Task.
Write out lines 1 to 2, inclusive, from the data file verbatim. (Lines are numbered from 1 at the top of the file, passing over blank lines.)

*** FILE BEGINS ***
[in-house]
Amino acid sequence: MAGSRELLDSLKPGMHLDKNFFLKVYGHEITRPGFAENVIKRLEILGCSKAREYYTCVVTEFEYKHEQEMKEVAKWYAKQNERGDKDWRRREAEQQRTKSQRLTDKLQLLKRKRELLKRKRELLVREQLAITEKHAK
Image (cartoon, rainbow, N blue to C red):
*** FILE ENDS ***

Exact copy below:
[in-house]
Amino acid sequence: MAGSRELLDSLKPGMHLDKNFFLKVYGHEITRPGFAENVIKRLEILGCSKAREYYTCVVTEFEYKHEQEMKEVAKWYAKQNERGDKDWRRREAEQQRTKSQRLTDKLQLLKRKRELLKRKRELLVREQLAITEKHAK